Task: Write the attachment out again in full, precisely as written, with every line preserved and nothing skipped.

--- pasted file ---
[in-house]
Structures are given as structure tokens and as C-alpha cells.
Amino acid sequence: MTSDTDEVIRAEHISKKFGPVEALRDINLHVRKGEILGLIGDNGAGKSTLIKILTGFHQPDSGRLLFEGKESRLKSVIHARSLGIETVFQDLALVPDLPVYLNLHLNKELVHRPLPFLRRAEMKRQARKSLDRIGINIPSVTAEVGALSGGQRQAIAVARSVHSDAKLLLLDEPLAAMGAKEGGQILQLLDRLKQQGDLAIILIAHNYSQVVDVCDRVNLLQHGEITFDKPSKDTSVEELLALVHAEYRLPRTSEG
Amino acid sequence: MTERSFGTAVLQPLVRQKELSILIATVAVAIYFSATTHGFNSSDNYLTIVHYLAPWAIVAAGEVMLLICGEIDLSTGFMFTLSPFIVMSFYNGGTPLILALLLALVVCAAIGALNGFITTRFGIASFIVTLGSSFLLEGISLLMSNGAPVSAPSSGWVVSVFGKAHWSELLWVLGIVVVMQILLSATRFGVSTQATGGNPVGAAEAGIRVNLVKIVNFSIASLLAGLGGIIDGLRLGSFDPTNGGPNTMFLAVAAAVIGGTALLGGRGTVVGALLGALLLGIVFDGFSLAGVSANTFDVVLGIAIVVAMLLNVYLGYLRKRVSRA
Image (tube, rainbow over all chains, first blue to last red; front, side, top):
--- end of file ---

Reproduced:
[in-house]
Structures are given as structure tokens and as C-alpha cells.
Amino acid sequence: MTSDTDEVIRAEHISKKFGPVEALRDINLHVRKGEILGLIGDNGAGKSTLIKILTGFHQPDSGRLLFEGKESRLKSVIHARSLGIETVFQDLALVPDLPVYLNLHLNKELVHRPLPFLRRAEMKRQARKSLDRIGINIPSVTAEVGALSGGQRQAIAVARSVHSDAKLLLLDEPLAAMGAKEGGQILQLLDRLKQQGDLAIILIAHNYSQVVDVCDRVNLLQHGEITFDKPSKDTSVEELLALVHAEYRLPRTSEG
Amino acid sequence: MTERSFGTAVLQPLVRQKELSILIATVAVAIYFSATTHGFNSSDNYLTIVHYLAPWAIVAAGEVMLLICGEIDLSTGFMFTLSPFIVMSFYNGGTPLILALLLALVVCAAIGALNGFITTRFGIASFIVTLGSSFLLEGISLLMSNGAPVSAPSSGWVVSVFGKAHWSELLWVLGIVVVMQILLSATRFGVSTQATGGNPVGAAEAGIRVNLVKIVNFSIASLLAGLGGIIDGLRLGSFDPTNGGPNTMFLAVAAAVIGGTALLGGRGTVVGALLGALLLGIVFDGFSLAGVSANTFDVVLGIAIVVAMLLNVYLGYLRKRVSRA
Image (tube, rainbow over all chains, first blue to last red; front, side, top):